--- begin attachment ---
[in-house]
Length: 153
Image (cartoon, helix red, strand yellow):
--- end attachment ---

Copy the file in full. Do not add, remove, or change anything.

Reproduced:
[in-house]
Length: 153
Image (cartoon, helix red, strand yellow):